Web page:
There are at least two ways people can react to this problem with anti-aging medicine. The first is, analogous to the answer given through social egg freezing: trying to ´stop time´. Often, particularly physical changes create awareness of aging, in both oneself and others. Gray hair and wrinkles that appear on the face are visible signs of a temporal process that all people are subject to. Anti-aging treatments, such as cosmetic surgery, are supposed to eliminate these visible signs of aging to maintain a more youthful appearance. The second way is to ´reverse aging´. As mentioned in the introduction, for some proponents of anti-aging medicine, the aim is not only to stop the aging process, but to reverse the passing of time. Here the distinction between biological and chronological age becomes crucial. While the biographical, or chronological age, is calculated according to the date of birth, the biological age determines the ´actual´ state of a person’s bodily and mental fitness, and is measured by various biomarkers. Since, in addition to epigenetic factors, these values are supposed to depend mostly on one´s lifestyle, biological age can be influenced (Abbott, 2019). Prevention and comprehensive anti-aging treatments, such as a ketone based diet that seemingly has a rejuvenating effect on brain activities (Weistuch et al., 2020), can not only help to avoid premature aging, but even rejuvenate one’s own biological age. Stopping and reversing the aging process to maintain youth can be interpreted as an answer in the face of a suffering caused by finite time passing by. Maintaining youth means to maintain an open future, with open windows of opportunity. (Bozzaro, 2014).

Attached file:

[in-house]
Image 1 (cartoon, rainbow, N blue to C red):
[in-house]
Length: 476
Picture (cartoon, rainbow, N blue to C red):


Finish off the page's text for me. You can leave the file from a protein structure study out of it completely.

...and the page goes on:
Suffering from the passing of time: “acceleration” through enhancement
Individualized and consumerist societies have been described as, among other things, performance-oriented societies that are mainly dominated by the economic principle of capitalism (Rosa, 2013; Stein, 2018). This also has consequences for the perception of time, because “time is money,“ meaning that time should be used in an economically effective way. A common way to use time optimally is by accelerating activities and processes. As sociologists like Paul Virilio (Virilio, 1986) and Hartmut Rosa (Rosa, 2013) have shown, modern societies distinguish themselves through an enormous acceleration of all of time’s rhythms. In both the world of work and the private sphere, individuals must make an optimal allocation of their time resources to fulfil their own and others’ expectations, and to attain all possibilities of their self-realization. Individuals who want to hold on to their career aspirations and simultaneously not miss out on life or on leisure activities must compensate for the brevity of their lifetime by speeding through life. One way to increase tempo has come through the development of new ´time saving´ technologies, such as washing machines: There is no doubt that cleaning clothes in the washing machine is much faster and easier than if one washed them by hand. While the machine cleans the laundry, one can do something else.
Another way to gain time is to improve one’s own physical and cognitive abilities to do things more efficiently. Using doping, and especially through cognitive or neuro-enhancement, one can expect to boost one’s own physical and cognitive capacities to do things better and faster. ´Optimizing´ the need for sleep, or the ability to concentrate, one can not only do things better and more effectively, but also faster. Empirical studies have shown that, for example, the (mis)-use of Ritalin or methylphenidate as a neuro- or cognitive enhancing substance has increased (McDermott et al., 2021). Ritalin is an amphetamine drug type that is typically prescribed as therapy to individuals with ADHD. In recent years, the use of Ritalin among healthy adults, such as students, to enhance cognitive functioning has been increasing. Students mention the improvement of academic performance as one main reason for the use of this drug (DuPont et al., 2008; Peterkin et al., 2011).